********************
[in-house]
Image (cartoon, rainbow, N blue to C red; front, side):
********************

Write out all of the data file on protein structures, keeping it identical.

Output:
[in-house]
Image (cartoon, rainbow, N blue to C red; front, side):